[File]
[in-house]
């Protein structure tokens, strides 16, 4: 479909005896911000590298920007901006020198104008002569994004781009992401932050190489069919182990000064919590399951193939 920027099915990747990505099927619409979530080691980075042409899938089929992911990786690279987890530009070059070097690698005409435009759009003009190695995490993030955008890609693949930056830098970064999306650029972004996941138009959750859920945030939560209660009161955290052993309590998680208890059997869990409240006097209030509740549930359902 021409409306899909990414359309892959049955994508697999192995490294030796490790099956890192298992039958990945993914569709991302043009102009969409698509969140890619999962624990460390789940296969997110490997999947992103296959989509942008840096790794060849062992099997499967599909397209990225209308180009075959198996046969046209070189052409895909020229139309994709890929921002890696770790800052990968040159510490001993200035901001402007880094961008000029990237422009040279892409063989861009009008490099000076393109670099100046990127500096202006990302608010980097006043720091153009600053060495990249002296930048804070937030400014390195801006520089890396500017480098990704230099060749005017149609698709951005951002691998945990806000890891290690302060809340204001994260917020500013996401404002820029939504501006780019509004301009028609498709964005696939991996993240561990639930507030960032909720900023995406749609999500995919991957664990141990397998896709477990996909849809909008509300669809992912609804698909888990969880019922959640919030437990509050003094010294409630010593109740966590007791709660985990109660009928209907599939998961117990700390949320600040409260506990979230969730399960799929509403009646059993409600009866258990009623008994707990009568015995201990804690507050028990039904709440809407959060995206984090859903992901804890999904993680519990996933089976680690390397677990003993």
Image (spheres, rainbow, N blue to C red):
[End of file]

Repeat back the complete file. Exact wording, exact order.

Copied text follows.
[in-house]
């Protein structure tokens, strides 16, 4: 479909005896911000590298920007901006020198104008002569994004781009992401932050190489069919182990000064919590399951193939 920027099915990747990505099927619409979530080691980075042409899938089929992911990786690279987890530009070059070097690698005409435009759009003009190695995490993030955008890609693949930056830098970064999306650029972004996941138009959750859920945030939560209660009161955290052993309590998680208890059997869990409240006097209030509740549930359902 021409409306899909990414359309892959049955994508697999192995490294030796490790099956890192298992039958990945993914569709991302043009102009969409698509969140890619999962624990460390789940296969997110490997999947992103296959989509942008840096790794060849062992099997499967599909397209990225209308180009075959198996046969046209070189052409895909020229139309994709890929921002890696770790800052990968040159510490001993200035901001402007880094961008000029990237422009040279892409063989861009009008490099000076393109670099100046990127500096202006990302608010980097006043720091153009600053060495990249002296930048804070937030400014390195801006520089890396500017480098990704230099060749005017149609698709951005951002691998945990806000890891290690302060809340204001994260917020500013996401404002820029939504501006780019509004301009028609498709964005696939991996993240561990639930507030960032909720900023995406749609999500995919991957664990141990397998896709477990996909849809909008509300669809992912609804698909888990969880019922959640919030437990509050003094010294409630010593109740966590007791709660985990109660009928209907599939998961117990700390949320600040409260506990979230969730399960799929509403009646059993409600009866258990009623008994707990009568015995201990804690507050028990039904709440809407959060995206984090859903992901804890999904993680519990996933089976680690390397677990003993």
Image (spheres, rainbow, N blue to C red):